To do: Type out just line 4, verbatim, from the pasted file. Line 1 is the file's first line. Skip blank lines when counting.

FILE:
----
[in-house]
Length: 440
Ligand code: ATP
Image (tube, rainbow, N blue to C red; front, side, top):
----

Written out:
Image (tube, rainbow, N blue to C red; front, side, top):